Despite the rampant claims from Macintosh users that their preferred operating system is not susceptible to viruses as Windows, internet security researchers have discovered a new large-scale malware attack that has affected over half a million Mac users globally, with over 300,000 victims in the United States alone.
The program, known as BackDoor.Flashback.39, is a Trojan Horse, which means that it mimics useful software — in this case, presenting the user with a security certificate, alleged to be from Apple, that states that the Adobe Flash Plugin needs to be installed. But when the link is clicked, the malware hijacks the Mac’s OS, providing the hacker unauthorized access to the victim’s computer. Most nefarious of all, this program doesn’t require a user to deliberately click on any links or manually download any software. It merely downloads itself onto a user’s computer, allowing the creator the full, unlimited run thereof.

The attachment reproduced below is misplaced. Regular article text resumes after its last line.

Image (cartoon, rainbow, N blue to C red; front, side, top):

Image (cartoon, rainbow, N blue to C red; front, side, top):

It has been reported that the malware programmers behind this diabolical plot are taking advantage of a bug in Java, a popular computer language used to build web pages, to enable the virus to be automatically downloaded via an infected Java applet. However, Apple has so far issued two security patches that can be used to fix the Java bug.
To check to see if your Mac has been infected, you can use an online diagnostic tool at DrWeb.Com. The anti-virus program VirusBarrier is said to be effective against this Trojan, and you also can download FlashbackChecker, which is available from GitHub. In addition, comprehensive removal guides have been posted at CNET and F-Secure, a Finnish internet security company.